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LOLBin to INC Ransomware

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Background

Huntress analysts have previously observed INC ransomware being deployed, and recently observed this specific ransomware variant being deployed in a customer environment. The ransomware variant was identified, in part, through the threat actor’s efforts to verify that their deployment was effective, as illustrated through the following command line:

[.highlight]"C:\windows\system32\NOTEPAD.EXE"[.highlight]

C:\Users\user\Documents\+<REDACTED>\INC-README.txt

Digging deeper into the incident, Huntress analysts were able to identify a specific pattern of activity associated with the threat actor, particularly during what appears to be the intermediate stages of their attack, and prior to ransomware deployment. Upon identifying this pattern, Huntress analysts began hunting across the entire infrastructure to identify other endpoints where this same pattern of activity was observed, and in doing so, notifying customers in an effort to head off the ransomware deployment. Even though the initial means of access and the follow-on activities varied slightly between the identified endpoints, this one pattern remained consistent and served to quickly surface impacted endpoints.

Attack Pattern

Looking across multiple endpoints, Huntress analysts observed a common, overarching pattern; that is, at the point where their activities could be explicitly identified, the threat actor appeared to have significant prior knowledge of the infrastructure in which they were operating. 

The initial endpoint that was investigated in detail revealed the activity illustrated in Figure 1, associated with the user account known to be compromised within the customer’s infrastructure.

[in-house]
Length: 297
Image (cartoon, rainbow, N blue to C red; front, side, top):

Figure 1: Pattern of LOLBin Activity

The commands illustrated in Figure 1 were pulled directly from the Huntress platform, and are listed with the most recent command at the top of the image. The threat actor used [.highlight]SystemSettingsAdminFlows.exe[.highlight], a native Windows utility, to essentially disable Windows Defender. As illustrated in Figure 2, these modifications are manifest in the Microsoft-Windows-Windows Defender/Operational Event Log as event ID 5007 records, indicating that the change took place.

Figure 2: Windows Defender Event ID 5007 Record

It's important to note that the threat actor ran these commands on endpoints where Windows Defender was actively in use, indicating prior knowledge of the environment. In several instances, the threat actor brought along the necessary tools to attempt to disable other installed security applications. However, in each instance, those applications were clearly installed and running on the endpoint. For example, on one endpoint where CylancePROTECT was installed, the following command line was observed:

[.highlight]C:\Windows\temp\av.exe  -p CylanceSvc.exe[.highlight]